Sorry – I meant to post the fact that I would be extending the long Memorial Day weekend. I’ll be back at it on the 29th, although only catching up — not going to be much in the way of internet access happening!!
Winston Smith, look out! Spy Drones Added to Britain’s “Surveillance Society” — pdf
It could be the 4 million closed-circuit television cameras, or maybe the spy drones hovering overhead, but one way or another Britons know they are being watched. All the time. Everywhere.
The latest gizmo to be employed in what civil liberty campaigners are calling Britain’s “surveillance society” is a small, remote-controlled helicopter that can hover above inner city streets and monitor suspected criminals.
Unveiled in the north of Britain this week, it could be introduced across the country if deemed a success, fuelling an already intense debate over whether the “Big Brother” world George Orwell predicted is now truly upon us, or whether such scrutiny is merely essential for security in the modern era.
Figures released by the Organization for Economic Cooperation and Development show that South Korea’s suicide rate stood at 18.7 per 100,000 people in 2002 — up from 10.2 in 1985. In 2002, Japan’s rate was the same as South Korea’s, but the rate in the United States was 10.2 per 100,000.
Experts attribute the increase to the stresses of rapid modernization and the degradation of rural life, but they are also concerned that the Internet is contributing to the jump. South Korea has one of the world’s highest rates of broadband access and, as in Japan in recent years, the Internet has become a lethally efficient means of bringing together people with suicide on their minds.
Elsewhere, this might not have mattered quite so much. A defense information specialist from another newish NATO member state told me, somewhat ruefully, that his country wouldn’t be vulnerable to a cyberattack because so little of its infrastructure is sophisticated enough to use the Internet. But Estonia—“e-Stonia” to its fans—practices forms of e-government advanced even by Western European standards. Estonians pay taxes online, vote online, bank online. Their national ID cards contain electronic chips. When the country’s Cabinet meets, everyone brings their laptop. When denial-of-service attacks start taking down Estonian Web sites, it matters.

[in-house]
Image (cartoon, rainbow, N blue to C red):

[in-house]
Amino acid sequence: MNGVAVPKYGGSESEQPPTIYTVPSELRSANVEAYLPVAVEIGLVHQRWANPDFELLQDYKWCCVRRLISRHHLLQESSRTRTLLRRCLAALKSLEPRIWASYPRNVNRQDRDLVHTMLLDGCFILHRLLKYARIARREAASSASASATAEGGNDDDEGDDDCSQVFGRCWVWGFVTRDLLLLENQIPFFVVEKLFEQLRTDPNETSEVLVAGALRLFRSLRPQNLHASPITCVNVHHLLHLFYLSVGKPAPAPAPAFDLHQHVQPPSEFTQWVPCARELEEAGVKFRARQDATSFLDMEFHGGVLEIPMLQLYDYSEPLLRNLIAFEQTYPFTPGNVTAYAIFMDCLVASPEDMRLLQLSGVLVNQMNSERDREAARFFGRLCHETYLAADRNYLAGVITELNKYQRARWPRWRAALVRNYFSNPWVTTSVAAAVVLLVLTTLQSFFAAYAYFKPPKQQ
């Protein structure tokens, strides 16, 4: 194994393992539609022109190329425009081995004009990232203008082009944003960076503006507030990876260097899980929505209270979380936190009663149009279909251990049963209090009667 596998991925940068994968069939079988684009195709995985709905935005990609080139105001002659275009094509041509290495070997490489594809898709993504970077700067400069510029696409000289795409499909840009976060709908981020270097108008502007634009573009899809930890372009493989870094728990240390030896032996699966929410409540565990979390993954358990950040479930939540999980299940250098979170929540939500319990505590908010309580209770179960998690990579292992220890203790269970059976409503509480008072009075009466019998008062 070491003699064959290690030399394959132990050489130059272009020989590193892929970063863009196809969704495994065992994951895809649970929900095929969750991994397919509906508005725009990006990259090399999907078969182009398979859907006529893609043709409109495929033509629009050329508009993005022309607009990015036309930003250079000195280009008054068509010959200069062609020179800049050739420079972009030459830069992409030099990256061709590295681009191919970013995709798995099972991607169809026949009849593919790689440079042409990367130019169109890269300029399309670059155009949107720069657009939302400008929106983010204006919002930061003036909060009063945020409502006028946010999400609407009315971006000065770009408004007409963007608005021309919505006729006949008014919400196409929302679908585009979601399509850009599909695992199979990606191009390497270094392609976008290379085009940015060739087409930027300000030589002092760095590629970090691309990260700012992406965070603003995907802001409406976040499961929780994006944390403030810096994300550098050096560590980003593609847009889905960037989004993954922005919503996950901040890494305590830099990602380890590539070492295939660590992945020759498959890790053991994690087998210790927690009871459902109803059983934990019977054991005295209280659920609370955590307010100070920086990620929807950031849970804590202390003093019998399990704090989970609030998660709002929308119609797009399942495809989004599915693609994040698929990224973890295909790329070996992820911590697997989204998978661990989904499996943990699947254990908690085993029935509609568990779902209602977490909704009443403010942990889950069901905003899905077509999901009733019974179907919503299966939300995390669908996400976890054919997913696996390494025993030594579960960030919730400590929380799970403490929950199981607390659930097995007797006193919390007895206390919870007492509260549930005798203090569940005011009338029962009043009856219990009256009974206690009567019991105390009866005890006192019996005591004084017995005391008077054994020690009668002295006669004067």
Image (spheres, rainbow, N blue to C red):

[…] Both the anonymity and the novelty may turn out to be part of the appeal, particularly if, as some in NATO now believe, the attacks are Russian “tests,” both of the West’s preparedness for cyberwarfare in general and of NATO’s commitment to its newest, weakest members in particular. Some believe the Russian government is now playing with different tactics, trying to see which forms of harassment work best: the verbal attacks on Estonia, the Russian oil pipeline to Lithuania that mysteriously turns out to need repairs, or the embargos on Polish meat products and Georgian wine.
If that is the case, then surely the lesson of the last three weeks is that cyberwarfare has a lot going for it: It creates no uproar, results in no tit-for-tat economic sanctions, doesn’t seem like a “real” form of warfare, and doesn’t get anyone worried about Europe’s long-term energy needs. NATO did, in the end, quietly send a few specialists to Estonia, as (even more quietly) did the Pentagon. A few Europeans complained a bit at a summit over the weekend, too. But there the affair will end—until the attacked Estonian government in cyberspace comes back online, better armed for the next battle.
Google filed a proposal [local copy] on Monday with the Federal Communications Commission calling on the agency to let companies allocate radio spectrum using the same kind of real-time auction that the search engine company now uses to sell advertisements.
[…] “The driving reason we’re doing this is that there are not enough broadband options for consumers,” said Adam Kovacevich, a spokesman for Google’s policy office in Washington. “In general, it’s the belief of a lot of people in the company that spectrum is allocated in an inefficient manner.”
In their proposal, Google executives argue that by permitting companies to resell the airwaves in a real-time auction would make it possible to greatly improve spectrum use and simultaneously create a robust market for innovative digital services. For instance, a company could resell its spectrum on an as-needed basis to other providers, the executives said in their formal proposal to the federal agency.
The FCC’s Spectrum Policy Task Force WWW page.
Bringing the power of the “Culture” side of the New Chicago School to bear upon informants — how to right the balance? And note how easily the instruments of the database and the WWW can challenge assumptions about privacy … again: Web Sites Listing Informants Concern Justice Dept.
There are three “rats of the week” on the home page of whosarat.com, a Web site devoted to exposing the identities of witnesses cooperating with the government. The site posts their names and mug shots, along with court documents detailing what they have agreed to do in exchange for lenient sentences.
[…] “The reality is this,” said a spokesman for the site, who identified himself as Anthony Capone. “Everybody has a choice in life about what they want to do for a living. Nobody likes a tattletale.”
Federal prosecutors are furious, and the Justice Department has begun urging the federal courts to make fundamental changes in public access to electronic court files by removing all plea agreements from them — whether involving cooperating witnesses or not.